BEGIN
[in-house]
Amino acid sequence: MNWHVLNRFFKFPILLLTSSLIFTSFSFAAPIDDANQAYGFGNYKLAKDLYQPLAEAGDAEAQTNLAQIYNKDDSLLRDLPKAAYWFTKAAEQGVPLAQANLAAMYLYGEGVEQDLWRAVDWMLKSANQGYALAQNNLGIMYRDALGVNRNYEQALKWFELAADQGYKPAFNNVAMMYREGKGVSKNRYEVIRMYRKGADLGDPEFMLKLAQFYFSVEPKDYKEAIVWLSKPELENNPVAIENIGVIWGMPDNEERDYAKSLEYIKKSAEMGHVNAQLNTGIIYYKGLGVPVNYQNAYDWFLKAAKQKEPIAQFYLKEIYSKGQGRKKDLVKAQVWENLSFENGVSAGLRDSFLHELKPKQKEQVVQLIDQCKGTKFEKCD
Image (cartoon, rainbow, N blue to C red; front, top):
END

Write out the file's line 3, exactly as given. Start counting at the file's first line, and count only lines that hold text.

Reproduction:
Image (cartoon, rainbow, N blue to C red; front, top):